What Should You Use to Varnish Colored Pencil Art

What Should You Use to Varnish Colored Pencil Art

In a previous post, I shared three professional reasons to consider using fixative or varnish on your colored pencil artwork and three reasons not to.

You read that post and decided to try varnishing your finished work. The next logical question is which type and brand to use. There are so many on the market. How do you choose?

Fixative and Varnish: What’s the Difference?

Before we go further, though, let me take a moment to define terms.

“Fixative” and “varnish” are often used interchangeably, but they are not the same thing.

Fixative is only a temporary “fix”. It’s a light coating you use as part of the drawing process. Fixative sprays are not designed to be a final coating because it doesn’t provide protection from ultraviolet light (UV), environmental dirt, or rough handling. It’s generally applied lightly and between layers of color.

Varnish is a final coating designed to provide protection from environmental dirt, UV, and—to some extent—rough handling. It is applied more thickly. It is not designed to be used as part of the drawing process since it can easily saturate and discolor the paper and darken both the paper and the colors already on the paper.

Another term frequently used for varnishes is final finish. Not all final finishes are useful for colored pencil work. Many of them are produced for oil paintings and contain damar varnish. When purchasing final finishes, make sure to check the contents label. If it lists damar, leave it on the shelf.

So You Want to Varnish Colored Pencil Art: What Should You Use?

John Ursillo uses workable fixative throughout his drawing process and varnishes finished pieces when he works on canvas (yes, canvas for colored pencils). John says:

I use intermediate layers of workable fixative along with solvent-enhanced CP and water-based CP. The finished piece is coated with two layers of Krylon Archival Series UV protective gloss acrylic spray. There are other brands but I’ve not tried them – happy with the Krylon. This goes on very shiny but after a week or so the coating dries completely into the weave of the canvas resulting in a pleasing semi-gloss coating.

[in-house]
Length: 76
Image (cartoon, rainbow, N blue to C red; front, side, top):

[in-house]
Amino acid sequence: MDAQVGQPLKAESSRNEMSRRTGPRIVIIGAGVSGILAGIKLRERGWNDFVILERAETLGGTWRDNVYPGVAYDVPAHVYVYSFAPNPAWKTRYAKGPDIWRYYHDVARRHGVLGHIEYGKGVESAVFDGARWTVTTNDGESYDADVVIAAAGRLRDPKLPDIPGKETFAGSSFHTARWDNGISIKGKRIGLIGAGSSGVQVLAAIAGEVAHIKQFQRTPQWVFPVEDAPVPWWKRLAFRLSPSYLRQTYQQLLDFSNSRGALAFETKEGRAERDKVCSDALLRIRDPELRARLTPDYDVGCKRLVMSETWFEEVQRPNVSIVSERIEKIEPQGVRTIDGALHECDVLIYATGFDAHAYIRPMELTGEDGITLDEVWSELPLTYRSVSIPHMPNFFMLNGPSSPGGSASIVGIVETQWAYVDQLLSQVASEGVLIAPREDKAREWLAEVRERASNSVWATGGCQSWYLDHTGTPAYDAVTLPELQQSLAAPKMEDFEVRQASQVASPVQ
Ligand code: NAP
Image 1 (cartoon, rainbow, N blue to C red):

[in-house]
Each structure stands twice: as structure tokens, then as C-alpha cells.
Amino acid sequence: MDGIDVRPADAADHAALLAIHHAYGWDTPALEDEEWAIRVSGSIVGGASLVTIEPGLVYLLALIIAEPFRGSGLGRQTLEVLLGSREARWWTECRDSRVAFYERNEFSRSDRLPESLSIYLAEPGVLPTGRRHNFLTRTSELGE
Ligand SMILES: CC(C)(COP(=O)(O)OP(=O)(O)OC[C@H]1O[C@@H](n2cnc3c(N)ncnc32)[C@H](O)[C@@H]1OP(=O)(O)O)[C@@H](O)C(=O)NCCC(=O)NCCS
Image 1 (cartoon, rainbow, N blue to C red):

The net result is that these colored pencil drawings on canvas can be framed without glass.

For works on paper, he uses workable fixative before adding the final color, then gives the finished drawing an additional coat of workable fixative.

When I use workable fixative, it’s usually late in the drawing process, when I need to restore a little tooth in order to finish the drawing. I have Krylon Workable Fixatif and Prismacolor Premier Fixative on my shelf. I’ve never done a side-by-side comparison, so I don’t know that one is better than the other. Both are good both for controlling wax bloom and for working over.

I also use Krylon Gallery Series Conservation Retouch Varnish. It’s more suitable for finished work on either paper or canvas. Prismacolor produces a non-workable fixative that I have yet to try but that’s worth a look.

In the past, I’ve used Blair products and Grumbacher products and have had good results.

Best Practices for Using Varnish or Fixative on Colored Pencil Art

Look for a fixative or varnish made for colored pencils or, if you can’t find that, one that’s made for dry media. Not all varnishes are created equal and what may work for an oil painting may not work as well—or at all—on colored pencil. Prismacolor makes a final coating made specifically for colored pencils and I recommend it whole-heartedly.

Since each brand of fixative or varnish comes with instructions for use, check those instructions first. Follow them, too, in order to get the best results.

Here’s how I do my varnishing.

  • Work in a well-ventilated area
  • Position the artwork in an upright position. It doesn’t have to be perfectly vertical, but it shouldn’t be flat, either
  • Shake the aerosol can a few times to properly mix the contents
  • Hold the can in a vertical position about twelve inches from the artwork (check the instructions on the can for the ideal distance, as there may be some variation).
  • Holding down the nozzle, move the spray across the artwork horizontally in a slow movement.
  • Start just past the edge of the drawing and spray across the drawing to just past the opposite edge, then back in the opposite direction until you’ve covered all of the drawing, top to bottom
  • Let the artwork dry for a minimum of 30 minutes. Personally, I prefer to err on the side of caution and usually wait 45 minutes or longer
  • Give the drawing another coat (optional).

Two or three coats should be sufficient. Just make sure you don’t soak the paper with varnish. When a heavy coat of varnish dries, it could become brittle, making it necessary ship unframed art flat, instead of rolled.